BP Plc’s oil spill in the Gulf of Mexico may be exacerbating a natural phenomenon that causes fish, crabs, eels and shrimp to swarm the shoreline to escape oxygen-depleted sea waters.
Called “jubilees” by locals because of the opportunity to scoop up seafood in buckets, they typically appear during the summer along the Gulf Coast. This year, scientists say jubilees have occurred in open water for the first time, raising concern that low-oxygen areas are expanding because of the more than 4 million barrels of oil BP’s Macondo well leaked into the Gulf.
Low oxygen in the water because of oil and methane from the BP spill contributed to a “jubilee-like effect” in late June off the coast of Fort Morgan, Alabama, at the mouth of Mobile Bay, Monty Graham, a senior marine scientist at the Dauphin Island Sea Lab in Alabama, said in a telephone interview. Catfish, shrimp, crab and flounder piled up along an offshore sandbar, until the sharks moved in, Graham, 45, said.
“Most of us believe it had something to do with the oil,” said Robert Shipp, 67, chairman of the Marine Sciences Department at the University of South Alabama. There was a “consensus” among faculty at the University of South Alabama and the Dauphin Island Sea Lab that oil played a part in the event, which was “quite different” from the naturally occurring jubilees in the Gulf’s Mobile Bay, Shipp said.
Seasonal jubilees can sometimes be predicted based on winds and tides, and don’t have a negative effect on fish populations, he said.
First recorded in Mobile Bay in 1867, jubilees typically occur when strong winds churn oxygen-deprived, or hypoxic, water from the bottom of the bay to the surface. The hypoxic seawater forces suffocating fish, stingrays and other marine animals toward shore in search of oxygen.
This summer, more fish may wash up in coastal coves where microorganisms break down oil droplets and use up oxygen, Shipp said in a telephone interview. Crude came ashore in Fort Morgan as recently as the week of Aug. 8, he said.
A group of scientists said in a memo made public Aug. 16 that as much as 79 percent of BP’s leaked crude remains in the Gulf, challenging an Obama administration assessment that the oil is mostly gone.
BP’s spill has created a 22-mile (35-kilometer) underwater plume of degrading oil that’s migrating across the Gulf, according to another group of scientists, from the Woods Hole Oceanographic Institution in Falmouth, Massachusetts. The trail of crude will remain in waters for months as microbes break it down, they said in a statement released Aug. 19.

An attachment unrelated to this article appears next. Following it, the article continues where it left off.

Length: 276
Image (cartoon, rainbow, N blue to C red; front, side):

“Oil residues on the bottom and in the water columns could exacerbate and make worse this phenomenon,” Kent Mountford, an environmental historian who has studied estuarine ecology for 46 years, said in a telephone interview. Mountford, 73, works for Cove Corp., an environmental consultancy, in Lusby, Maryland.
Hypoxic seawater, referred to as dead zones, can be made worse by larger amounts of fertilizer and sewage runoff from rivers, which feed algae blooms that consume oxygen. The Gulf’s dead zone this year measured 7,722 square miles (20,000 square kilometers) as of July 31, twice as big as last year, according to an NOAA study.
It’s hard to tell how fish populations may be affected by increased instances of hypoxia and jubilees, said Graham, the Dauphin Island scientist. It may take up to five years, as juvenile fish mature, to see an effect, he said.
Jubilees have been recorded in places such as the Chesapeake Bay off the U.S.’s East Coast and Japan’s Omura Bay. In Texas, jubilee-like events are called “fish kills,” Bill Balboa, 50, a biologist at the Texas Parks & Wildlife Department, said in a telephone interview.
“A lot of them happen in enclosed bodies of water like harbors and canals,” he said.
In Mobile Bay, Alabama, which usually gets at least one a year, jubilees are seen as major social events -- part entertainment, part food gathering, Graham said.
“There’s always been a lot of excitement associated with jubilees, hence the name,” he said.
Michael Hutchison, 55, who’s lived in Point Clear, Alabama, since 1988, wades along the shoreline during a jubilee scooping crab and fish into a canoe. He said he’s not worried about oil polluting his catch because the bay is flushed with nine freshwater rivers.
As of last week, 22 percent of the Gulf of Mexico was closed for fishing due to concern about contamination from the oil spill, down from 36 percent at the height of closures on June 21, according to the National Oceanic and Atmospheric Administration Fisheries Service.
The U.S. Food and Drug Administration has said shrimp from Mobile Bay are safe to eat, and NOAA Fisheries reports its tests have found no contaminated samples. Alabama is still awaiting test results from crabs, Chris Denson, 35, a biologist with the Alabama Department of Conservation and Natural Resources, said in a telephone interview.